Heat factor for medics dealing with real and simulated injuries on army exercise
The extreme heat which soldiers faced on a challenging exercise in central Kenya was one of the biggest worries for the medical staff working to support them.
Soldiers taking part in Exercise Askari Storm were advised to drink six litres of water a day in the remote area of African bush close to Archers Post where temperatures can reach 40 degrees.
While carrying the extra water makes their kit even heavier, the fluids were essential to ensure they were able to keep soldiering on.
Captain Kate Taylor, a general duties medical officer from Harrogate in Yorkshire, explained there are two teams of medics on exercise with the soldiers – one focused on actual injuries and another dealing with simulated injuries.
“We have two different teams of medical cover working out here. I am part of the PHTT which is the Pre Hospital Treatment Team which is real-life support, so any actual casualties that soldiers sustain,” she said.
“There is another team called the RAP, the Regiment Aid Post, which is looking after the simulated casualties to exercise the whole medical team.”
Capt Taylor said the heat had been an “inevitable factor” but they had not seen an extraordinary level of injuries on the exercise.
For Lance Corporal Rosanna Rowbotham, a medic attached to Co Antrim-based B Company of 2 Rifles, her primary task was to treat the simulated casualties.
“This kind of environment definitely puts you to your limits with the heat and carrying the weight around,” she said.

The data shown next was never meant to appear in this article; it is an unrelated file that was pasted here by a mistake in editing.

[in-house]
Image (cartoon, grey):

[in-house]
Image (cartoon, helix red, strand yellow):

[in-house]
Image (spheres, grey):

“Most of the injuries are muscular or skeletal, guys rolling ankles carrying weight and back injuries. They are more common than your actual battlefield injuries and heat-related injuries.”
L/Cpl Rowbotham, who is from Norfolk, said she tends to be positioned at the back of the infantry soldiers with the Sergeant Major.
“If a guy notices their mucker is going down, we tell them to strip them down, fan them, cool them with a spray bottle, give them water if they can, put them in the shade and then I start moving forward to assess how severe the casualty is,” she said.
“The guys here have learned quickly that they need to drink a lot more than they would back in the UK. We are talking six litres upwards in this sort of climate, and if you are patrolling you need to increase that again.
“It makes the kit a lot heavier, which hinders them in this heat, but it is a vital part of keep them soldiering in this environment.”
Capt Taylor revealed that she joined the army after feeling undecided about which speciality to pick during her medical training in the NHS.
“I didn’t know what speciality to do when I finished my foundation year training in the NHS so I joined the army to do something different,” she said.
“I really enjoy it. It’s the best thing I have ever done and I have been to lots of different countries and different environments around the world, including the jungle, desert and eastern Europe, and now Kenya.
“It’s quite challenging. It is different for us than the NHS because I am working with combat medical technicians who are very highly trained soldiers but without any actual medical qualifications, so I help to teach them and often they help to teach me as well.
“I think here I have learned a lot that would probably be useful when I go back to the NHS, mostly that’s around tropical medicine.
“There are also injuries and illnesses that you have to deal with out here that you won’t necessarily deal with back home, such as snake bites and scorpion stings – they don’t happen very often in the UK.”